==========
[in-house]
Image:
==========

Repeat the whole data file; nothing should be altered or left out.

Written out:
[in-house]
Image: